17 January 2008

Cross, Magnet Lab awarded $2 million grant to target tuberculosis

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TALLAHASSEE, Fla. — About 5,000 people die from tuberculosis every day, but no effective new drugs have been developed to combat it in 40 years. Researchers at the National High Magnetic Field Laboratory at Florida State University hope to reverse that trend through research made possible by a $2 million grant from the National Institutes of Health.

The award will make it possible for Tim Cross, the Earl Frieden Professor of Chemistry and Biochemistry at FSU, and his team to work toward arming drug developers with a map of the proteins on the bacteria's surface that are vital for infection.

Because we don't often see it in the news in the U.S., TB is often overlooked, but it remains one of the globe's most deadly infectious diseases. The bacterial infection primarily attacks the lungs, causing 2 million deaths around the world each year. Many of the world's poor are among these victims, and researchers have raised the alarm about drug-resistant strains of the infection, which, according to the Centers for Disease Control, now account for almost one in five new TB cases.

Some potential new treatments for TB are already being researched, said Cross, who also directs the magnet lab's Nuclear Magnetic Resonance program, but there's no knowing if those treatments will survive clinical trials.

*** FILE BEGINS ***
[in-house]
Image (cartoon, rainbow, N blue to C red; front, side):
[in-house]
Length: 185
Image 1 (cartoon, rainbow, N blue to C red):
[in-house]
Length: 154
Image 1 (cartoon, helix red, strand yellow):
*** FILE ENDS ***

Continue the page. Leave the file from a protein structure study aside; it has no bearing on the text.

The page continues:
"Trying to treat so much of the world with the same pharmaceuticals is one of the best ways to develop more resistance to treatment, so it's important to come at this from as many angles as possible," said Cross.

"We've done a preliminary study that shows our work is viable, and we have a lot of preliminary data," said Cross of the research plan, expected to take five years to execute. His team, collaborating with the University of Kansas, the University of Alabama and Case Western Reserve University, will use the lab's sophisticated 900 megahertz magnet, as well as other resources, to conduct its research.

Cross thinks the eventual development of a new family of TB drugs could attack the disease in a new and more effective way. He explained that a specific set of proteins appears to be important to TB's ability to attack the body. His team will identify the "target" proteins that allow bacteria to infect lung tissue. When a drug binds to one of these proteins, it can render the protein ineffective, shutting down its ability to do harm.

"We ought to be able to solve the molecular structure of these drug targets," he said. "If you know the shape of the protein, then you can design a drug that can bind to it specifically. Getting detailed information about the correct drug target makes it far easier for the pharmaceutical companies to develop safer, more effective treatment."

"There has been a lot of interest in our proposal," Cross said, adding, "The quality of the graduate students here at FSU made the difference for us. Without a quality research team like this one, this project goes nowhere and our chance of funding work this important would have been zero."